Sian Baker

Medically reviewed by Sian Baker, Dip ION mBANT mCNHC
on April 9, 2024. To give you technically accurate, evidence-based information, content published on the Check My Body Health blog is reviewed by credentialed professionals with expertise in medical and bioscience fields.

A buffalo allergy means your body has an adverse reaction to consuming buffalo meat or products containing it. Symptoms can range in severity from mildly unpleasant, like itchy skin or stomach discomfort, to more serious reactions like breathing difficulties or, in rare cases, anaphylaxis. In this post, we’ll delve into the signs of a buffalo allergy, how frequently they occur, and which foods to avoid if you suspect you have this allergy.

Can you actually be allergic to buffalo?

Yes, it’s possible to be allergic to buffalo meat. As noted in this study, buffalo allergy falls under a condition known as Alpha-gal syndrome (AGS), which is an allergic response to the sugar alpha-gal found in the meat of mammals, including buffalo. Symptoms of AGS can range from mild to severe, including anaphylaxis, and typically manifest several hours after consuming the allergen.

How common is this allergy?

AGS, including reactions to buffalo meat, has been increasingly recognised worldwide, especially in regions where certain ticks are endemic. Although direct statistics on buffalo allergy are scarce, the prevalence of AGS itself has been on the rise across all continents over the past decade. The rarity of buffalo meat in many diets may make specific allergies to it less commonly diagnosed or reported, but awareness and understanding of AGS are growing.

Signs & Symptoms of a Buffalo Meat Allergy

When it comes to buffalo meat allergy, the symptoms mirror those of other food allergies but are peculiar due to the delayed reaction typically associated with AGS. These reactions can range from mild to severe and usually occur about 3-6 hours after consumption, unlike immediate reactions seen with other food allergens.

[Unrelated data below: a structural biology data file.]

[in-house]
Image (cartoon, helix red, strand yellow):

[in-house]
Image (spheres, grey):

What are the symptoms of a buffalo allergy?

  • Nausea, vomiting, or diarrhoea
  • Hives, rash, or itchy skin
  • Abdominal pain and cramps
  • Breathing difficulties or tightening of the throat
  • Pale or discoloured skin
  • Lightheadedness or dizziness

In severe cases, anaphylaxis to buffalo meat, characterised by difficulty breathing, a rapid drop in blood pressure, and dizziness, can occur. This requires immediate medical attention.

What is food intolerance?

Unlike food allergies that involve the immune system, food intolerances, such as lactose intolerance, involve the digestive system’s inability to process certain components in foods. Symptoms of food intolerance generally include digestive distress like bloating, gas, and diarrhoea, but do not lead to anaphylactic reactions.

How do you test for a buffalo allergy?

What should you do if you think you have a buffalo allergy?

If you suspect an allergy to buffalo meat, it’s crucial to consult with a healthcare professional who can advise on appropriate tests. These may include blood tests to measure specific IgE antibodies to alpha-gal or skin prick tests for immediate-type food allergies, although direct testing for buffalo meat may be challenging to find.

What foods should you avoid if you have a buffalo allergy?

Avoiding all mammalian meats is recommended for individuals with AGS, which includes buffalo. This can help prevent allergic reactions and manage symptoms. Additionally, being aware of and avoiding other sources of alpha-gal, such as certain medications and vaccines, is also necessary.

10 alternatives to mammalian meats

For those needing to avoid buffalo and other mammalian meats, there are several alternatives to consider:

  • Poultry (chicken, turkey)
  • Fish and shellfish
  • Legumes (beans and lentils)
  • Quinoa
  • Tofu and other soy products
  • Seitan (wheat gluten)
  • Eggs
  • Dairy products (for those without dairy allergies)
  • Nuts and seeds
  • Plant-based meat substitutes

How to test if you have a buffalo allergy or intolerance

Early identification and management of a buffalo meat allergy are critical for preventing severe allergic reactions. Consulting with an allergist and undergoing specific testing are the most effective ways to confirm a buffalo meat allergy and receive guidance on managing it. If you suspect you may have a food intolerance (where symptoms are less severe) you can take our food intolerance test.

Remember, while buffalo meat allergy, as part of AGS, can be challenging to diagnose and manage, understanding the condition and taking preventive measures can significantly improve quality of life. If you believe you have an allergy to buffalo meat or any other form of mammalian meat, consult with a healthcare professional for a proper diagnosis and management plan.

Interested in learning more about food intolerances and allergies? Consider trying one of our intolerance tests to explore potential sensitivities and allergens affecting your well-being.

Click to buy our best food intolerance test
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